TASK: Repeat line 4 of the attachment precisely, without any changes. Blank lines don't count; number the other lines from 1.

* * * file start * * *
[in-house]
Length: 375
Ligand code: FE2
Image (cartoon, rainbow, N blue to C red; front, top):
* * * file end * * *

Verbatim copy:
Image (cartoon, rainbow, N blue to C red; front, top):